On January 13, 2016, at the close of a taping of Family Feud, Steve Harvey spontaneously began to speak. Not knowing that the cameras were still rolling, the $100 million host offered his studio audience insights into his own happiness and success. His staff, also moved by Steve's passionate words, shared the riveting six-minute video on social media. The clip immediately went viral, with more than 58 million views worldwide!
"I wish Steve read it"
Steve Harvey can't count the number of impressive women he's met over the years - the many incredible women who can run a business, have three kids, maintain a household in tiptop shape, and chair a church group all at the same time. So when it comes to relationships, why can't these same women figure out what makes men commit? According to Steve, it's because they're asking other women for advice when they should be going directly to the source.
"Blegch... Avoid "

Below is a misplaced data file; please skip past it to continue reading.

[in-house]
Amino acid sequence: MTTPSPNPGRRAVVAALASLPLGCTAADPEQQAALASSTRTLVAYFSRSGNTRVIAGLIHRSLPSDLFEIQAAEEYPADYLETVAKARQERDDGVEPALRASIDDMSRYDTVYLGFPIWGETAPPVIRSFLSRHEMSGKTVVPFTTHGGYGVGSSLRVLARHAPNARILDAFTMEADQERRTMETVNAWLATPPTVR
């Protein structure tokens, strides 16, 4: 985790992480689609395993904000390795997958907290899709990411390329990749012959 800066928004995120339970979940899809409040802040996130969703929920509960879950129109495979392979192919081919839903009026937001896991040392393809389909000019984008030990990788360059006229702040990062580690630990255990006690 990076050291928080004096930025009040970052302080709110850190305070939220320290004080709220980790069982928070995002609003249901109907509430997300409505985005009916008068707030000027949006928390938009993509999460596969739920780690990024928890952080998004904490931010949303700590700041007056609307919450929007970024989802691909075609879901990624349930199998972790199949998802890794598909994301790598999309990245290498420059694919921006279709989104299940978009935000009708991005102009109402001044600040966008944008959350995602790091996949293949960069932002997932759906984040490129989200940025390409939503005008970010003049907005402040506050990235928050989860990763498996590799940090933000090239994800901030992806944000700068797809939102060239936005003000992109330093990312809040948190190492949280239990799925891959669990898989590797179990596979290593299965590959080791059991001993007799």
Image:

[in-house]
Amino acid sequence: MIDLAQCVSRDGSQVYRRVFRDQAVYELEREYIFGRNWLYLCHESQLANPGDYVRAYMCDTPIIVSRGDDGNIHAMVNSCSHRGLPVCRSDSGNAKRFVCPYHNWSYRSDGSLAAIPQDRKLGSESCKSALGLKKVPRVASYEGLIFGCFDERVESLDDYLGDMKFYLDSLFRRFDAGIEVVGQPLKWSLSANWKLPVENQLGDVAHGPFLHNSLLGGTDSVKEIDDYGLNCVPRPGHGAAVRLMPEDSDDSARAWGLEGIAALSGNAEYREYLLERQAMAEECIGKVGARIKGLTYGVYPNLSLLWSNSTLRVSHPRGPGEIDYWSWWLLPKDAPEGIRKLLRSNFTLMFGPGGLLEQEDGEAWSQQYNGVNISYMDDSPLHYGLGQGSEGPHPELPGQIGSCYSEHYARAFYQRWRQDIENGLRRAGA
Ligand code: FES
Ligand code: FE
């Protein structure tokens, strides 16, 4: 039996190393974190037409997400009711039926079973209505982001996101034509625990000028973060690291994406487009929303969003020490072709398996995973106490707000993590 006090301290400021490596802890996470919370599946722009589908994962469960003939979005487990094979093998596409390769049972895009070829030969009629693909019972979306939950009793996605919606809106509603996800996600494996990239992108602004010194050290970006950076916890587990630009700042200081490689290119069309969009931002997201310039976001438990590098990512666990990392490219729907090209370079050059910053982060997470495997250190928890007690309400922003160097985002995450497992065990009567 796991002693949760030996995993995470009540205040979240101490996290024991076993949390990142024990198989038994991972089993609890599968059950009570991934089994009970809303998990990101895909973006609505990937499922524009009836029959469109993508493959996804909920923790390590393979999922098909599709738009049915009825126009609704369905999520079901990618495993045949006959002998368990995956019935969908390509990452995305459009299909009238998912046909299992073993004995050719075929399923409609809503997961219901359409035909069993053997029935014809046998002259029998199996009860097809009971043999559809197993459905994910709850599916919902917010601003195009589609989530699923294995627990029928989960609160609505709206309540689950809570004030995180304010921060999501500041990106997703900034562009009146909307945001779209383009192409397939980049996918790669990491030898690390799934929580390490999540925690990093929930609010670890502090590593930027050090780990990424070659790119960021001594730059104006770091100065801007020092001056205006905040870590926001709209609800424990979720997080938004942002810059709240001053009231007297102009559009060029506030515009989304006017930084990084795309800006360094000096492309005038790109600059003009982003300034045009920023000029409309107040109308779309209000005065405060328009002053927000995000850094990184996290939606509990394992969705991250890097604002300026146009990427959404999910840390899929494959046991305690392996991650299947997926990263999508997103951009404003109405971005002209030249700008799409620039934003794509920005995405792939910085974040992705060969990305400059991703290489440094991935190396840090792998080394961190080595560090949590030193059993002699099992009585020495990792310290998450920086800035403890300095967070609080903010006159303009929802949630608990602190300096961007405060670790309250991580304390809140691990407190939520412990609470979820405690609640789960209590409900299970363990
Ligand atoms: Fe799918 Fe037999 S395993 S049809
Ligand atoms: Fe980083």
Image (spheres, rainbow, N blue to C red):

Countless books on success tell you what you need to get that you don't already possess. In Act Like a Success, Think Like a Success, Steve Harvey tells you how to achieve your dreams using the gift you already have. Every one of us was born with a gift endowed by our creator - something you do the best at with very little effort. While it can be like someone else's, your gift is yours alone. No one can take it away. You are the only one who can use it - or waste it.
At nine years old, Frankie Presto is sent to America in the bottom of a boat. His only possession is an old guitar and six precious strings. But Frankie's talent is unique, and his amazing journey weaves him through the musical landscape of the 20th century, from classical to jazz to rock and roll, with his stunning talent affecting numerous stars along the way, including Hank Williams, Elvis Presley, Carole King and even KISS. Frankie becomes a pop star himself. He makes records. He is adored.
"Original and beautifully told"
Rupert Brooke's greatest poetic works including "The Fish", "The Soldier", "The Old Vicarage", "Grantchester", and "Ding-Room Tea" are superbly melded here with testimony from acquaintances of Brooke's and a well-researched narrative by Mike Read.
"A good, good intro to Rupert Brooke"